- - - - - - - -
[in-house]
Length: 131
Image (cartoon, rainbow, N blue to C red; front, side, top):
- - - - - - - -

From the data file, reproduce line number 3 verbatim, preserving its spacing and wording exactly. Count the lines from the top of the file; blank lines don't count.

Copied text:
Image (cartoon, rainbow, N blue to C red; front, side, top):